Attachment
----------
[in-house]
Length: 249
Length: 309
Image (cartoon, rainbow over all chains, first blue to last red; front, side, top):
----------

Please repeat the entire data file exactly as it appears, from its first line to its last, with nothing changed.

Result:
[in-house]
Length: 249
Length: 309
Image (cartoon, rainbow over all chains, first blue to last red; front, side, top):